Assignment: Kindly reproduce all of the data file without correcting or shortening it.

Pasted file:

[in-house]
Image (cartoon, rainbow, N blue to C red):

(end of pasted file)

[in-house]
Image (cartoon, rainbow, N blue to C red):